I usually write these columns on Monday mornings, the day we put the paper out, but because of the holiday I’m writing this one on Friday, which means it will be four days before you read it, with all of the events of the weekend between. I’m writing into the future.
On the shortest day of the year, cultures in northern latitudes from Japan to Finland celebrate the return of light. It makes sense to recognize a thing so elemental in its absence, another paradox of human perception. Like you can’t have your cake and eat it too…
Is Thomas Jefferson’s life as a slave owner a personal contradiction that tarnishes his political and moral legacy, or is it more correct to view his plantation life as a reflection of the American social materiel from which he formulated his much-vaunted ideals?
Americans put a huge emphasis on sports. When I was 11, I missed a free throw to lose the Police Boys Club city championship game in Washington D.C. and cried my eyes out in front of 1,500 or so people.
I knew a political operative in Chicago, since moved on to D.C., who used to get upset by the way people misunderstood and then misused O’Neill’s analect. For this guy, the advice wasn’t a warning to limit the scope of campaign messages, it was a simple reminder that to win elections, you have to start with a base at home and build out from there.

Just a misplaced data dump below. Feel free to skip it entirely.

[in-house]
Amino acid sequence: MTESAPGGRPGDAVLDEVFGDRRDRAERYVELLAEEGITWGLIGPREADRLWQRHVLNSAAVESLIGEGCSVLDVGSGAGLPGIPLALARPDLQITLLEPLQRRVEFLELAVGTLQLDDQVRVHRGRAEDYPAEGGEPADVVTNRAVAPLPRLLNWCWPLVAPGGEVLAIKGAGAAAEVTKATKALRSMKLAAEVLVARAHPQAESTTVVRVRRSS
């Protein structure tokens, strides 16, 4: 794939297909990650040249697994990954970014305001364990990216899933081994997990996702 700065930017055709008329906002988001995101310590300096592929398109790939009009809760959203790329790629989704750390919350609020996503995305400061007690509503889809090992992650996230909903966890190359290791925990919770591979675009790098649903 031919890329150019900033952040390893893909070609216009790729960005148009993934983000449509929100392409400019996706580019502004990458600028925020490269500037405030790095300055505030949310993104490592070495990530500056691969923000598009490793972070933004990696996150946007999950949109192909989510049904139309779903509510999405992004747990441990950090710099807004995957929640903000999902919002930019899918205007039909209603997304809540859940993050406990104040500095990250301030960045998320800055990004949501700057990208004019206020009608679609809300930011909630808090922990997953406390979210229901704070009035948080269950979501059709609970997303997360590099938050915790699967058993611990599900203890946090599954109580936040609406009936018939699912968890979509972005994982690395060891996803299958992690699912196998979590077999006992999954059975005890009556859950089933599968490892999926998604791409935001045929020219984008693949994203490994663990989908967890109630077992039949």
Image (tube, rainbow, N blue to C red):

When I was a kid growing up in D.C. in the mid-80s, there were bumper stickers around that read, “Don’t Fairfax Loudoun.” If you’ve spent any time in Northern Virginia over the past two decades, you’ll understand the futility of the position.
This Thanksgiving, don’t forget to say thanks. No, really. Because with the planes, trains, and automobiles on Wednesday, the turkey and football on Thursday, and the dawn frenzy of Black Friday, it may be hard to get a quiet minute, much less make the connection that we are celebrating the bounty of the American continent.
"The challenge right now is getting the clerk’s office where I want it. You hear that Charlottesville is a world class city, a progressive city, and yet we have a clerk’s office that is not in the 21st century"
Since the Pew Research Center began unveiling a series of studies on income disparities in the U.S., I’ve been reading about the death of the American Dream.
The UVA Men’s Soccer team beat Wake Forest in a barn burner ACC Tournament quarterfinal Tuesday night at Klockner Stadium, earning a 4-3 victory with Brian Span’s golden goal, scored with just 20 seconds remaining in the second overtime period.